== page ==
That depends on what you mean by "racially" diverse. There are real ethnic/religious/racial minorities in metropolitan France and its overseas "départements" (la Martinique, Guadaloupe, Guyane, La Réunion) but there are not, as far as I know, significant differences in infant mortality rates (I may be wrong). There are, as you say, significant differences in the US.

ohreally 12-04-2011 04:55 PM

Re: Republicans Candidates Should Ask ... What Would A Canadian Do?
 
Florian says: "There is also universal pre-natal and post-natal care, the absence of which in the US affects overall life expectancy rates. Infant mortality rates in the US are among the highest in the developed world."

STD replies: "I don't think that is necessarily true. As I understand it, there are significant differences in infant mortality by race; and we have a much more racially diverse nation than France."

The US ranks 28 out of 30 in the OECD infant mortality rate ranking. But I bet if we gave white infants extra weight in the counting, we'd come off much better. Are you suggesting, STD, counting black kids as, I don't know, say, three-fifth? I bet no one has ever thought of that!

Don Zeko 12-04-2011 05:17 PM

Re: Republicans Candidates Should Ask ... What Would A Canadian Do?
 
It's true that there are many different variables in play, such that looking simply at mortality rates is a poor way of measuring the effectiveness of the provision of health care in a given country. That's why it's nice that smart people out there have worked very hard to quantify the rate of deaths that are amenable to health care in a given country. And look, here's what they found:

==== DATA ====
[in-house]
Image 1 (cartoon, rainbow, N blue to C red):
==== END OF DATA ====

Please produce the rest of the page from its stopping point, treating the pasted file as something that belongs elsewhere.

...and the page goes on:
http://www.commonwealthfund.org/usr_...ITL_Chart2.gif

It turns out that the US has higher amenable mortality rates than all but a handful of european countries, all of whom spend far less money on health care than we do in the United States.

P.S.: for Florian's benefit, I suppose I should point out just how awesome France is when it comes to health care. They appear to really have this stuff figured out over there. The Canadians on the board can find something to be proud of in this data as well.

Sulla the Dictator 12-04-2011 05:57 PM

Re: Republicans Candidates Should Ask ... What Would A Canadian Do?
 
Quote:

Originally Posted by Florian (Post 233451)
That depends on what you mean by "racially" diverse. There are real ethnic/religious/racial minorities in metropolitan France and its overseas "départements" (la Martinique, Guadaloupe, Guyane, La Réunion) but there are not, as far as I know, significant differences in infant mortality rates (I may be wrong). There are, as you say, significant differences in the US.

In fact, you are wrong.

Martinique: 6.95 per 1,000 births
French Guiana: 11.76 per 1,000 births
France: 3.4 per 1,000 births

Where France is racially diverse, it has a higher mortality rates. It may disturb some people here, but some races are prone to certain genetic diseases which kill infants more than others. Sorry (ohreally), that disease can be racist.

Sulla the Dictator 12-04-2011 05:59 PM

Re: Republicans Candidates Should Ask ... What Would A Canadian Do?
 
Quote:

Originally Posted by ohreally (Post 233452)
Florian says: "There is also universal pre-natal and post-natal care, the absence of which in the US affects overall life expectancy rates. Infant mortality rates in the US are among the highest in the developed world."

STD replies: "I don't think that is necessarily true. As I understand it, there are significant differences in infant mortality by race; and we have a much more racially diverse nation than France."

The US ranks 28 out of 30 in the OECD infant mortality rate ranking. But I bet if we gave white infants extra weight in the counting, we'd come off much better. Are you suggesting, STD, counting black kids as, I don't know, say, three-fifth? I bet no one has ever thought of that!